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General Patterns of ASUC Activity

Fall 1960 -- Spring 1963

     The Associated Students of the University of California, like any political system, can be analyzed by four variables: the political culture in which the system is embedded; the power structure within the system; the pattern of interests of the system's groups and members; and the pattern of policies that emerges from the interplay of power and interests.

     Such a study in the present case demonstrates that the overwhelming power of the administration has rendered the ASUC both passive and apolitical. This passivity is the result not only of overt threats of administrative veto but also of the narrow view that the ASUC has come to have of its own purpose.

I. The Political Culture of the ASUC: Restriction and Self-Restriction

     Although the timidity of ASUC policy is due in part to the power structure of the University and to the suffocation of certain kinds of interests, it must be seen as stemming largely from the Procrustean bed in which the Association has placed itself. All groups in the University community--administration, faculty, students, and Association leaders--see the ASUC as a body of very limited scope and accept this narrow scope as either proper or inevitable.

     A. The Preamble. The Preamble of the ASUC Constitution states: "We, the students on the Berkeley Campus of the University of California, by authority of the President of the President of the University of California and the Chancellor of this campus, in order to provide for the promotion, maintenance and regulation of such matters as are delegated by them to the student government, do ordain and establish this constitution." (Italics added.)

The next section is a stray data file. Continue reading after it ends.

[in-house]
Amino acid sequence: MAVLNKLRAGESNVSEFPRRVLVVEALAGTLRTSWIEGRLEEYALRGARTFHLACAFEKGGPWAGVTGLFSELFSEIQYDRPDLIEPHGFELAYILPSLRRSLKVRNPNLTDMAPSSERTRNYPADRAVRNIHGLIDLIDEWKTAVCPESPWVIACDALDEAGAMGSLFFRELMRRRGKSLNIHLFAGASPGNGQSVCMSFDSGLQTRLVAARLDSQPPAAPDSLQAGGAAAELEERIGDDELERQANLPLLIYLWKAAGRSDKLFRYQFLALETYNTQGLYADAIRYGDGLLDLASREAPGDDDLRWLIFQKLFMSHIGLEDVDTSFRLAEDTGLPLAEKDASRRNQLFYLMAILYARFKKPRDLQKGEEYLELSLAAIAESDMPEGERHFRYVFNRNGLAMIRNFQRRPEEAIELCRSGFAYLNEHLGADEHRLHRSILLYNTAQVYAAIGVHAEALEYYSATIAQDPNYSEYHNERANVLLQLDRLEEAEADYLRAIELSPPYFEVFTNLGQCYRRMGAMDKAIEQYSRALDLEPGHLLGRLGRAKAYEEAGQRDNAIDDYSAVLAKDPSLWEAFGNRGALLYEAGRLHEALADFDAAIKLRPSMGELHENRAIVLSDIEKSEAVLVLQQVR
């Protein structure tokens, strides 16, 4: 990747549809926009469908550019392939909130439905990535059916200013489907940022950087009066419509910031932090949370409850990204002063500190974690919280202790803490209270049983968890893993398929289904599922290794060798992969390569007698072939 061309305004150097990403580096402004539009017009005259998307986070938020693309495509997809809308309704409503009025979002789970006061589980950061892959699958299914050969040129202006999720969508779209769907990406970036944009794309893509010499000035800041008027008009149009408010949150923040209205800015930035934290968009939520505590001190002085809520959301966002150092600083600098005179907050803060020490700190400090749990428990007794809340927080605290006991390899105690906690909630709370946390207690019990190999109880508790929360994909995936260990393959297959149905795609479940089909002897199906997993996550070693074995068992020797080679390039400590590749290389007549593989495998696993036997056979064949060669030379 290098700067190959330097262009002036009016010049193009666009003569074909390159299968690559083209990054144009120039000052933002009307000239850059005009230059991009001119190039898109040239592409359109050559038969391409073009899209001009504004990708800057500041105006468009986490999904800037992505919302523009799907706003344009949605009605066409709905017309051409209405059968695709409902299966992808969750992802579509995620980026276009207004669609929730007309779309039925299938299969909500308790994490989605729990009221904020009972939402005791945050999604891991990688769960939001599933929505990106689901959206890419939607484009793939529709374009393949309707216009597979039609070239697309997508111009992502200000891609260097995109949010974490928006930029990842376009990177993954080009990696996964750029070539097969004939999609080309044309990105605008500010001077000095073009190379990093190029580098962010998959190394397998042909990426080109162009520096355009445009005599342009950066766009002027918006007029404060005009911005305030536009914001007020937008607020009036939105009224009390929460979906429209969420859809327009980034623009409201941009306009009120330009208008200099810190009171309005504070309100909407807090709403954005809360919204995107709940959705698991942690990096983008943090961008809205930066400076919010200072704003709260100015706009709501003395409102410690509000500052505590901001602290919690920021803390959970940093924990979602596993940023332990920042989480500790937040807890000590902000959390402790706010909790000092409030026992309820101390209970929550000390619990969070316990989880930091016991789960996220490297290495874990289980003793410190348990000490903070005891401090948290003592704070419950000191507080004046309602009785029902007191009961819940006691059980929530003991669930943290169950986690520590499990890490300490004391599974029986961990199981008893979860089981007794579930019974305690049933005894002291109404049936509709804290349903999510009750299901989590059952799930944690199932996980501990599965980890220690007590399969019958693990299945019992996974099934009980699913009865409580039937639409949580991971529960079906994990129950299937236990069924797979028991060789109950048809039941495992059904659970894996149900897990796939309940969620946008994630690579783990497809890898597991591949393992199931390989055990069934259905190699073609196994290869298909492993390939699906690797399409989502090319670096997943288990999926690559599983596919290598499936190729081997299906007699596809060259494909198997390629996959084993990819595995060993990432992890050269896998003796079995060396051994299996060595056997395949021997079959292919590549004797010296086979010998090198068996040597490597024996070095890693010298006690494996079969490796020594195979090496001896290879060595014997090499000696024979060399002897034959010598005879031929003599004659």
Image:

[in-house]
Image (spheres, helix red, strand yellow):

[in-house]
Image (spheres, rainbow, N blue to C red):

In December, 1961, Representatives Ken Cloke and Mike Tigar proposed that this preamble be changed as follows: "We, the students at the Berkeley campus of the University of California, in order to provide for the representation of our common interests and the conduct of our common affairs, and, in addition to insure effective conduct of such University activities as are administered by students, do ordain and establish this Constitution." (Minutes, 12-5-61) As stipulated in the ASUC Constitution, Article III, Section 5, a petition asking for a referendum on the measure was signed by five per cent of the undergraduate student body. The Constitution requires that a referendum be held in such circumstances.

     Significantly, this proposed alteration of the Constitution was not defeated by administration veto or even by the overt threat of veto. Instead, ASUC President Brian Van Camp, the symbol and holder of ASUC power and authority, refused to place the measure on the ballot. His explanation points up the narrow view that the ASUC holds of its own authority.

     "The Chair stated that the preamble to the ASUC Constitution is not a matter over which students have jurisdiction. The preamble as it now reads is required by the Kerr Directives and must be included in the constitution of each student government at the University of California. He stated further that the amendment contained in the petition, in light of the Kerr Directives, is illegal, and that he, therefore, would not place it on the ballot." (Minutes, 12-5-61, p. 2) Van Camp's view was upheld by a majority of the Executive Committee.

     B. Because its authority to direct its own affairs is seen as slender, the ASUC sees its instruments of protest as plea and petition -- not demand. The self-imposed limits on authority show in the ends to which ASUC policies are directed.